Julian Assange Labeled an 'Inherited Problem' by Ecuadorean President

Julian Assange speaks to the media from the balcony of the Embassy of Ecuador on May 19, 2017, in London. Getty Images Europe

Ecuadorean president Lenín Moreno called WikiLeaks founder Julian Assange an "inherited problem" in a television interview Monday.

Assange has been living in Ecuador's London embassy since 2012, after he was granted asylum by Moreno's predecessor, Rafael Correa.

The controversial figure was previously wanted in Sweden over rape allegations. The charges have since been dropped, but Assange still faces a possible arrest in Britain for jumping bail.

Assange also has expressed fear of being extradited to the United States, where he and WikiLeaks have been accused of interfering in the 2016 election, as well as releasing highly classified government documents since WikiLeaks' creation, in 2006.

In January, it was reported that Ecuador was searching for a third party to facilitate Assange's move from the U.K. He was granted citizenship in an attempt to release him from the country's London embassy. Ecuadorean Foreign Minister Maria Fernanda Espinosa then requested Assange be recognized by the U.K. as a diplomatic agent, which would have provided him with immunity.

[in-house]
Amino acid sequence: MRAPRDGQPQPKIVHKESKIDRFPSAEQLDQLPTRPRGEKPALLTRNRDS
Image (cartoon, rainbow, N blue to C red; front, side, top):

British authorities denied the request, saying Assange should leave the country and "face justice."

President Moreno was unhappy with the U.K. government's response.

"This would have been a good result. Unfortunately, things did not turn out as the foreign ministry planned, and so the problem still exists," he said.

President Moreno and Assange have had an inconsistent relationship, most likely transpiring from Assange's involvement in the country's politics.

Moreno has issued warnings to Assange in the past, asking him not to comment on the politics of their Ecuadorean allies. Assange responded via Twitter in September.

"If President Moreno wants to gag my reporting of human rights abuses in Spain he should say so explicitly—together with the legal basis," he wrote.

If President Moreno wants to gag my reporting of human rights abuses in Spain he should say so explicitly--together with the legal basis.

— Defend Assange Campaign (@DefendAssange) September 28, 2017

In May 2017, Moreno reiterated his predecessor's defense of Assange.

"I respect the situation he is in, which calls for respect of his human rights, but we also ask that he respects the situation he is in," the leader said after taking office.

On Monday, the president said that Assange has created "more than a nuisance" for the Ecuadorean government.